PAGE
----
Gerald (Jerry) Zezas

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Why is White Trash referred to as “White”?

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I’m reading White Trash by Nancy Isenberg and I can’t help but wonder where that expression came from. I’ve heard it my entire life and certainly know to whom it refers, but why was the word “white” included in the expression as we all know it?

It appears that this expression, although mainly used to denigrate whites, implies that a more common form of trash, that form which did not require the prefix “white”, was the assumptive type, and so did not need to be distinguished by color, whereas the white version did.

Upon reflexion, the necessitation of the word white appears to be tacitly racist not toward whites, but toward blacks.


1 Comment

  1. Bill Cadiz says:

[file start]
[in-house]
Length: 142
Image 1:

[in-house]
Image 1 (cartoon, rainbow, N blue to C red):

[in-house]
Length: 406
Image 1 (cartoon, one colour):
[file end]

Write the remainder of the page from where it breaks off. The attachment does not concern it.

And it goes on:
I can’t claim to answer this question but in the West Indies the term “poor white” pretty much meant the same. European aristocrats and wealthy merchants were the first colonists in the islands and invariably took over the best agricultural land, usually on the flat flood plains. They brought tradesmen, experts of various skills, baby sitters and either allowed them to stay in the large plantation houses or these people, usually of “lower” birth and not as well educated as their rich masters, bought or were given land in the steep hills and valleys. They struggled to make it, seldom educated their children beyond elementary or church school, and became more like the slaves and servants of their masters, the difference being they could quit if they wanted (which they rarely did). Even today, if you’re from the Caribbean, you can spot “poor whites” even when they have grown into business owners and professionals. My snotty French Creole grandmother would often say, “She’s nice, but she has no class”. You couldn’t call it racism, but it sure as hell was social discrimination, and just as wrong.

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